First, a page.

Date of Award




Document Type


Degree Name

Doctor of Philosophy (PhD)


Department of Education Theory and Practice

Content Description

1 online resource (xi, 218 pages) : illustrations (some color)

Dissertation/Thesis Chair

Jianwei Zhang

Committee Members

Reza Feyzi-Behnagh, Alandeom Oliveira


Knowledge Building, Knowledge Building Analytics, Learning Analytics, Reflective Noticing, Responsive Scaffolding, Teacher Reflection, Science, Knowledge, Theory of, Concepts, Communication in education, Group work in education

Subject Categories

Curriculum and Instruction | Education | Educational Technology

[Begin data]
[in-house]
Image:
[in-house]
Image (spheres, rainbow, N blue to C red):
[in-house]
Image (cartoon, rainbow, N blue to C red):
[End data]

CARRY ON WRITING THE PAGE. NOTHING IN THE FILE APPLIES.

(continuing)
A need for current science education has emerged in enhancing students’ deep involvement in scientific practices in core disciplines. Students are encouraged to improve crosscutting concepts and disciplinary core ideas through authentic science practice through constructing theories about the real world, generating questions, conducting investigations, revising theories, and communicating and collaborating. A new education model addresses these needs by transforming classrooms into collaborative knowledge building communities. However, there are challenges confronting the education system: (a) helping students build high responsibility to contribute to their collaborative inquiry progress and (b) supporting teachers to act as co-learners. To address these challenges, this dissertation explores how teachers engage in and envision student-driven collaborative inquiry moves with analytics support. Designed based on Knowledge Building (KB) pedagogy, the present dissertation investigates teachers’ reflective engagement in and responsive scaffolding of students’ knowledge building in communities supported by learning analytics. The entire dissertation consists of three studies—a review paper and two-year design-based research (Study 1 and Study 2). The first paper reviews literature on teacher noticing and analytics support in KB pedagogy. Then, the two-year design-based research examines teachers’ reflective noticing and responsive scaffolding in Grade 5 science classrooms at one school located in Update New York. More specifically, Study 1 explores how a teacher (Mrs. G) attends to and reflectively envisions students’ knowledge building in two classrooms. Next, Study 2 is designed based on the findings from Study 1, which investigates the noticing and scaffolding of two teachers (Mrs. G and Mrs. T) using embedded analytics support in four classrooms. The teachers in the two studies keep weekly reflective journals to write about their noticing and planning. Students have face-to-face metacognitive meetings and use online platforms (Knowledge Forum in Study 1 and Idea Thread Mapper in Study 2) for having open-ended discussions to create inquiry and build on ideas collaboratively. Additional analytical feedback is provided to the teachers regularly in Study 2. The datasets were collected from a range of activities in classrooms and online platforms. The collected datasets included: (a) teachers’ weekly reflective journals; (b) records of metacognitive meetings; (c) notes posted in online platforms; (d) students’ notebooks; and (e) records of teachers’ and students’ interviews. The teachers’ weekly reflected journals were analyzed through the grounded theory approach to identify the complicated mechanism and diverse elements in reflective noticing and responsive scaffolding of students’ inquiry-based collaborative learning processes. Further qualitative analyses of the classroom and online data explored and traced how teachers subsequently engaged in and facilitated students’ knowledge building. Results from the analyses show several findings. First, students’ emergent/ongoing inquiry is the key component that the teachers focus on during noticing and scaffolding in knowledge building communities. Second, the teachers’ envisioning becomes more encompassing by transferring toward the collective students’ moves in the classroom to facilitate collaborative inquiry deepening of the communities. Third, with the analytics support, the teachers integrated the analytical feedback with concurrent reflection and noticed missing inquiry in progressive knowledge building discourse. Responsively, they facilitated crosscutting concepts and reformed collaboration among students. Fourth, the teachers’ reflective noticing and responsive scaffolding processes were iterated during the course to facilitate the connections and expansions of students’ collective inquiry. Aligned with the literature on teacher reflection and learning analytics, the present dissertation expands to the novel exploration of teachers’ reflective noticing and responsive scaffolding with embedded analytics support and subsequent classroom actions. Particularly, this research unfolds the uncharted mechanism of teacher noticing and scaffolding in students’ collaborative inquiry-based learning and then investigates how knowledge building analytics functions as a supplementary tool to help teacher noticing and scaffolding in practice. By adopting analytics support, teachers consult analytical feedback during reflective noticing cyclically, redirecting students’ knowledge building progress over time. The primary implication of this research is that reflective teachers can understand how they monitor students’ emergent inquiry in ongoing discourse and utilize data-driven feedback to facilitate deeper ideas and collaboration of students in communities based on student needs.